Thu, Oct 17, 2019 - Page 6 News List

Brexit concerns blowing gale across nervy Falklands

AFP, STANLEY, Falkland Islands

It might be a remote archipelago 13,000km from mainland Britain, but the Falkland Islands’ incredible biodiversity, as well as fishing and meat exports, are under threat from Brexit.

While British Prime Minister Boris Johnson’s government and the EU squabble over Brexit, conservationists in the Falklands — a British overseas territory of 3,400 inhabitants — are anxiously following events as they run the risk of losing significant EU funding.

Esther Bertram, head of the Falklands Conservation non-governmental organization, says Britain must take responsibility for the wildlife in its overseas territories.

“It can be forgotten that we are where the most fabulous of the UK’s wildlife is,” Bertram said. “We have endangered sei whales visiting here. We have the largest populations of a whole range of species: black-browed albatrosses, we have five [species of] penguins that you can trip over, we have elephant seals sprawling — it’s a phenomenal natural environment.”

The windswept British outpost in the South Atlantic has received 600,000 euros (US$662,094) in funding from EU Biodiversity and Ecosystems Services in European Territories Overseas.

About 90 percent of the UK’s biodiversity is found in overseas territories, according to the Falkland Islands government.

Bertram, 45, wants to know how that financing shortfall will be made up after Oct. 31, Johnson’s deadline for leading Britain out of the EU.

“Going forwards, there’s been no reassurance that we’ll be able to have any access to EU funding,” she said, adding that London needs to take responsibility “for its wildlife in the overseas territories as much as it does anywhere else.”

The Falklands’ two main exports — fishing and meat — could be adversely affected by a “no deal” Brexit or even a bad deal, Falklands Legislator Leona Roberts said.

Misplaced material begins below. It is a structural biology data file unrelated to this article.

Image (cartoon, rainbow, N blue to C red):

Fishing accounted for 43 percent of the islands’ GDP from 2007 to 2016, and nearly all its exports last year went to the EU.

“We currently benefit from a tariff-free and quota-free access for that product, and if that changes, of course, we could find ourselves in a very difficult situation with government revenue dropping considerably,” said Roberts, who holds the portfolio for policy and public relations.

WTO tariffs range from 6 to 18 percent and a “no deal” departure could see fishing revenue drop by 16 percent, the government estimates.

The meat industry, run mostly by family-owned farms, could also face a significant impact, even though most of the beef and lamb is exported to Britain.

“There’s a potential knock-on effect there as well, if tariffs and quotas are introduced,” Roberts said.

If less UK-produced meat is sold to the other EU nations, then mainland Britain would need to import a smaller amount from the Falklands.

“If less meat is being produced for sale overseas, there is the risk of job losses,” Roberts said.

The Falkland Islands government estimates that its meat could be subject to 12.8 percent tariffs, plus a charge of 155.68 euros per 100kg exported, leading to annual losses of up to 30 percent.

As a British overseas territory, the islanders did not get to vote in the Brexit referendum.

The islands are not even part of the UK — and hence not part of the EU — but as an overseas territory they benefit from the customs union.

One area less likely to be affected is the islands’ raw wool sector, which is not subject to tariffs.

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